Even the best doctors are only human beings. From serious mistakes and misdiagnoses to bad bedside manner or matches, it’s important to do your research before selecting a physician. Luckily, the internet has made it easy to do your homework ahead, giving you a better chance at finding a well-matched doctor to attend to your medical care. If you’re wondering if it’s worth taking the time to research your doctor ahead, why anyone would attempt it, and what to check on, read on.

Licensing, Certifications, and Specialties


Whether you’re looking for a doctor to test hearing changes or considering switching providers after a rough diagnosis, making informed decisions about who will administer your care is important. No matter what your health conditions, securing the right care team can make a huge difference in final outcomes and how comfortable you feel in the exam room. The great news is that the internet allows us the ability to make informed health decisions when it comes to doing our research on service providers ahead of time.

Before even making that first appointment, you can look up doctors on a searchable database for all kinds of information—from licensing to certifications and association affiliations. The internet affords us the ability to look into doctors’ treatment protocols and even come up with a list of questions before meeting with our potential doctor for the first time.

Maybe you suffer from hearing loss and are looking for a top doctor fluent in sign language. You can easily find out if they are members of the American Speech-Language-Hearing Association with a few clicks of the mouse and some time set aside for research. While you could technically accomplish the same results with a phone call, searchable databases make learning about your potential physician ahead of time simpler.

Malpractice Complaints


When researching a potential doctor, you’ll want to research any malpractice claims or complaints that have been put against them. The same way you would use MediFind symptom checker to rule out an illness or disease, you’ll want to be sure to do your research fully. Even on the most basic of searchable physician databases, you can often find additional information if you take the time to dig for it. This is especially important if you are facing serious health conditions or are looking for medical experts with specialties out of the norm. By eliminating doctors with bad reviews or malpractice suits, you will be one step closer to what will likely be a better match for you.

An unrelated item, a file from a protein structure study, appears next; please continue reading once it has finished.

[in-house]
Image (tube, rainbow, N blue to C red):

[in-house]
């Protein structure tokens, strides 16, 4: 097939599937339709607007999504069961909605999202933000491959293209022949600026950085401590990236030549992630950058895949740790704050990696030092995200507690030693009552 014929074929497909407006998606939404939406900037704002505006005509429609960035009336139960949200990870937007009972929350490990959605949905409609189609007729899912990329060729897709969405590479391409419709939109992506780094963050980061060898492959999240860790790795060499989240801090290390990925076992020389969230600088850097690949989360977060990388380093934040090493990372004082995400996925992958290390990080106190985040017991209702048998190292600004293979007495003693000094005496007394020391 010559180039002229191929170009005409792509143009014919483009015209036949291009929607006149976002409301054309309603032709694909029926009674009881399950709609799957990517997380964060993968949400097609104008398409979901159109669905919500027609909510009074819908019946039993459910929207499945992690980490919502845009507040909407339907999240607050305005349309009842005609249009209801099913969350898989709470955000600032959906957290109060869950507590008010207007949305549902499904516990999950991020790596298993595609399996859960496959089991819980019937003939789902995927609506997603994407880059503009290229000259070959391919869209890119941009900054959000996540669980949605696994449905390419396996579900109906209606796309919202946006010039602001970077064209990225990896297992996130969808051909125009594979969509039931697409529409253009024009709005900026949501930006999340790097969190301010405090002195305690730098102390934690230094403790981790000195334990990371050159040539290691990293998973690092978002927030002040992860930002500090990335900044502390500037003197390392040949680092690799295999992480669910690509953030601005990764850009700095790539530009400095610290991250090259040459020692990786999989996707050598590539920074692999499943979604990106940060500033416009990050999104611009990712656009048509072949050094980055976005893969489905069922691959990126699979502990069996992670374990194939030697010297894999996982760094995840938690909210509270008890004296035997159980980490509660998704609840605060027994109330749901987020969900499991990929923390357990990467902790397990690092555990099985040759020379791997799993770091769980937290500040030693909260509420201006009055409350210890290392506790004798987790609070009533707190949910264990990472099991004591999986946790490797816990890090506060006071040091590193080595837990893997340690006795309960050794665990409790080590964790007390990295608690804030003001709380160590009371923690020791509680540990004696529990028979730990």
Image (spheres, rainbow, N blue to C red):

Overall Compatibility


A solid relationship built on both trust and respect is important between a doctor and their patient. A big part of establishing this will be showing up at your first consultation prepared to ask specific questions such as your best possible chances for recovery, potential causes, research reports, the latest treatments your doctor is familiar with, and how they feel about experimenting with new treatments. These first conversations will set the tone for your relationship going forward and help your doctor to understand what you require for better care.

The same way you’d want a succesful parent-teacher conference for your kid, you’ll want your first appointment to go well. For example, if you’re a strong believer in alternative therapies or the role a diet plays in overall health, you’ll want a doctor who is comfortable with a pitch on clinical research trials or deviations from basic standards of care. Finding a doctor who sees you as an individual and works with you to provide the right care for you, versus seeing you as a number, will matter as you work through phases of your illness for best health outcomes. No different than that student in school who has a favorite teacher, you have a right to hire a doctor who feels right to you and cares about the lives of people.

In the end, doing your homework before even meeting a possible doctor is a great way to put both yourself and them into a position of success. In fact, your very quality of life could depend on it.